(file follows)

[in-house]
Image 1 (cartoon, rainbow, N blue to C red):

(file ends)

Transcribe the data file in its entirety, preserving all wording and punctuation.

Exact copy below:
[in-house]
Image 1 (cartoon, rainbow, N blue to C red):